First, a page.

# Fwd(2): Project

Sanderson Smith (Sanderson_Smith@cate.org)
Sat, 04 Oct 1997 04:09:00 -0800

Hi group... those of you teaching AP Stat may find this of interest. I havee
just shared this with the AP Stat ListServe.
-Keep smiling.
Sanderson

Oct. 4, 1997
Hi AP Statistics colleagues:

This represents an attempt to explain what I find to be an interesting project.

Let me first state that we (at Cate) use BASIC PRACTICE OF STATISTICS by David
Moore as our main text. I like the book as I believe it is easily readable.
It does need to be supplemented a bit for AP, especially in the area of
probability. As a result, I introduce my students to probability concepts,
including nCr, very early in the year and we work with probability throughout
the year. Doing this allows me to get them thinking about probability
distributions early in the year. For instance, here is a project which we will
do next week. (I'm going to try to explain this briefly).

Premise:
A plane has 350 passenger seats.
Research shows 94% of ticket purchasers show up.
Airline decides to sell 370 tickets.
What is the probability that more than 350 purchasers will show up?

Using a binomial model, the probabiliy that n ticket purchasers will show up is
(370Cn)(.94^n)(.06^(370-n))
Probabilites for various value of n are shown below. (Probabilities not shown
round to 0.00%)

Note: An efficient way to calculate the probabilities on TI-83 is the
following:
360->X: (370 nCr X)*.94^X*.06^(370-x)
push ENTER, get probability, then push ENTRY (2nd ENTER) and change the value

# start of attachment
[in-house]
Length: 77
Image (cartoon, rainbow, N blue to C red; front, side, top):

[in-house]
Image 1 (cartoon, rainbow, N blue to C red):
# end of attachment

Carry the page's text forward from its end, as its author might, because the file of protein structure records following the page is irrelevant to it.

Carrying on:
stored in X.
n prob
363 0.01%
362 0.03%
371 0.07%
360 0.15%
359 0.31%
358 0.60%
357 1.05%
356 1.71%
355 2.60%
354 3.68%
353 4.89%
352 6.12%
351 7.23%
350 8.10%
349 8.82%
348 8.73%
347 8.43%
346 7.78%
345 6.87%
344 5.82%
343 4.73%
342 3.70%
341 2.79%
340 2.02%
339 1.42%
338 0.96%
337 0.63%
336 0.40%
335 0.24%
334 0.14%
333 0.08%
332 0.05%
331 0.03%
330 0.01%
329 0.01%

Plotting these probabilities, one gets a nice bell-shaped curve. If a
histogram is constucted with the no space between the columns (bars), then one
has a density curve (as defined by Moore) if one considers the base of each bar
to be one unit. It is then possible to answer questions such as "what is the
probability that more than 350 ticket purchasers show up?" by simply finding an
area under a portion of the density curve.

If you use a spreadsheet with the data above, you can really get a neat
computer-generated curve. (bar graph).

This, I believe, leads nicely into the normal distribution and the associated
density curve. I think it also helps students to understand how probability is
related to area when they use the normal distribution curve and table.

Using the figures above, the probability of n being 351 or greater is 28.45%,
or approximately 28%.

If you use the normal curve (with "largeness," binomial approaches normal), the
probability that N is greater than 350.5 turns out to be 27.76%, or
approximately 28%.
[The binomial mean would be 370(.94) = 347.8 and the binomial standard
deviation wold be the square root of the product 370(.94).06) , or 4.56815061.